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Evaluating HIV/AIDS Programs
Continued...

Understanding Funding Allocations

Because sub-Saharan Africa has the highest prevalence rate of HIV/AIDS, major international funding has been focused on this region. The World Bank's Multi-Country HIV/AIDS Program for Africa (MAP), initiated in 2000, is exclusively devoted to this region. The program's goal is to alleviate the effects of the HIV/AIDS epidemic and eventually decrease its rate of incidence. In September 2000, the World Bank approved $500 million and six months later an additional $500 million for the program. By December 2004, the program had allocated funding to 34 sub-Saharan countries. Map 4, based on the data received by the World Bank, shows the allocation of MAP funding along with the HIV/AIDS density.

click to enlarge
Map 4: World Bank's Multi-Country HIV/AIDS Program for Africa (MAP) commitment

As the map shows, countries in central and eastern Africa benefited from MAP more than countries in other regions. Southern African countries, such as South Africa, Namibia, and Botswana, received little financial aid by the end of 2004, although prevalence rates in these countries were among the highest in Africa. The largest recipient of aid, the Democratic Republic of the Congo, received $102 million followed by Nigeria with $90.3 million. However, whether measured by total infected population or infection rate, the Congo is not the most affected country. As for per capita MAP funding, Cape Verde tops the list with an average of $2,500 for each infected person followed by Gambia with an average of $1,785 per infected person.

In addition to the MAP commitment, PEPFAR is concentrating $15 billion on 15 focus countries that include 12 countries in Africa. Specific funding amounts for each focus country is not clear. The World Health Organization pledged $5.5 billion to achieve the goal of getting 3 million people on advanced antiretroviral treatment by the end of 2005. More than 75 percent of this amount is allocated to fund staffing needs and activities in various countries and regions.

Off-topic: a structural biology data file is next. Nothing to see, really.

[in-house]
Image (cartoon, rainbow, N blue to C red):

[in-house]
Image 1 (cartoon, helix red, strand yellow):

Tracking Results and Changes

Because GIS can demonstrate how and where things move over time, analysts can gain insight into the progress of programs. The benefits of mapping changes are twofold. Mapping identifies program impacts by comparing conditions before and after an intervention. Mapping also helps anticipate needs based on the impact of these changes.

Approximately 2.1 million children who are 14 years and younger are living with HIV/AIDS. This figure includes nearly 1.3 million children living in the 15 focus countries. As part of the United States' response to the overall emergency, PEPFAR has brought pediatric HIV/AIDS crisis to the attention of leaders in the United States.

PEPFAR is working more effectively in some countries than others. Namibia and Guyana had 10 percent of the children benefiting from the program. This was the highest percentage. Of Nigeria's 290,000 infected children, only 53 children received any support. During the same time period, children in Ethiopia and Botswana didn't receive support, so the reported rates for both were zero. Because no data was available on Vietnam's total infected children, it is not shown on the map.

In addition to providing downstream support to infected children, PEPFAR also provides services to prevent mother-to-child transmission of HIV in the 15 focus countries. Short-course preventive antiretroviral treatments were given to 198,400 pregnant women over a period of two years. More than half of those treated were in South Africa.

Conclusion

GIS is becoming an effective tool for monitoring and evaluating social development programs. As the maps accompanying this article illustrate, GIS analysis can demonstrate the input, output, and outcome of the major global HIV/AIDS programs targeted at sub-Saharan Africa. The analysis helps to fill the current evaluation gap. For more information on the global HIV/AIDS program, visit www.cdc.gov/nchstp/od/gap/ or contact Dr. Xiaomei Tan at tanxiaomei@hotmail.com.

Reference

Savedoff, William, Ruth Levine, and Nancy Birdsall, 2006. When Will We Ever Learn? Recommendation to Improve Social Development through Enhanced Impact Evaluation at the Center for Global Development Web site (www.cgdev.org).

About the Author

Xiaomei Tan, an independent consultant based in Washington, D.C., has a Ph.D. in public policy from the American University. She has been applying GIS to a wide variety of program monitoring and evaluations. The fields she is interested in include health care, education, and the environment.

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